Science

This 31,000-year-old fossil may reveal the world's oldest amputation

Scientists may have discovered evidence of the earliest known use of surgery

The first surgical operations occurred around the same time as the dawn of farming, about 10,000 years ago. That’s what researchers have long thought, at least.

Now, in a new study published today in the journal Nature, scientists may have discovered evidence of the earliest known use of surgery — the successful amputation of a foot and part of a leg — among hunter-gatherers at least 31,000 years ago in Borneo, long before farming emerged.

HERE'S THE BACKGROUND — Previously, the oldest known complex surgical operation involved a farmer from France about 7,000 years ago. His left forearm had been amputated and then partially healed.

Surgical operations such as amputations require detailed knowledge of human anatomy, significant technical skill, and, importantly, hygiene. Before modern clinical developments such as antiseptics, most people undergoing amputations died from blood loss and shock or subsequent infection. The first major advances in medicine, including surgical procedures, were long thought to have emerged alongside the rise of farming and settlements, which in turn led to a host of health problems that were previously unknown among hunter-gatherers.

WHAT DID THE SCIENTISTS FIND? — In the new study, archaeologists investigated the Sangkulirang–Mangkalihat peninsula on the Indonesian portion of the island of Borneo. This rugged area hosts limestone caves that are rich in prehistoric artifacts, including some of the world's earliest known rock art, which dates at least 40,000 years old.

The researchers focused on a large three-chambered limestone cave named Liang Tebo with rock art within its uppermost chamber. In 2020, a trench dug in the cave's biggest chamber revealed the remains of a person who died when they were about 19 or 20 years old. The bones lacked enough detail to confirm the person's sex.

As seen in the upper left image, the scientists found this person had the lower third of their left lower leg completely amputated when they were a child. The site of amputation experienced bone healing without any signs of infection.T. Maloney et al., Nature

The scientists found this person had the lower third of their left lower leg completely amputated when they were a child. The site of amputation experienced bone healing without any signs of infection.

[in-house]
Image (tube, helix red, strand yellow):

The person lived about six to nine more years before their remains were intentionally buried in the cave. Their cause of death remains unknown.

WHAT DO THESE FINDINGS SUGGEST? — The researchers say these bones are skeletal evidence of a surgical procedure involving detailed knowledge of limb structure, muscles, and blood vessels to prevent fatal blood loss and infection.

"Demonstrating successful amputation performed on a child 31,000 years ago also implies a likely understanding of the need for antiseptic and antimicrobial management key to modern medical advances, which only occurred within the past two centuries of modern medicine," study lead author Tim Maloney, an archaeologist at Griffith University in Australia, tells Inverse.

The scientists argue the amputation was unlikely to have resulted from an animal attack or other accident, as these usually cause crushing fractures, whereas the leg bone shows a clean sloping cut. They also say the amputation was unlikely the result of a punishment, as the person apparently received careful treatment after surgery and in burial.

"It is highly unlikely that this individual could have survived the procedure without intensive nursing care, including blood loss and shock management, regular wound cleaning, as well as ongoing assistance in this mountainous rainforest terrain, enabling them to thrive into adulthood as an amputee," Maloney says. "There is no doubt the individual was a valued member of their community, and the discovery provides the earliest direct evidence for a high degree of community care and perceptions of amputees in the human past."

All in all, "this discovery overturns long-held assumptions of technological stagnation throughout Southeast Asia, and adds to a growing body of evidence that early humans, in fact thrived in late Pleistocene rainforest environments," Maloney says.

WHAT'S NEXT? — Given how the people investigated here lived in "the earth's tropics, home to some of the highest plant biodiversity, many with known medicinal properties, there is a strong case that adapting to this rainforest environment may have stimulated the development of advanced medical knowledge including plant processing for treatments," Maloney says. "Ongoing investigations are revealing clues to this aspect."

Share: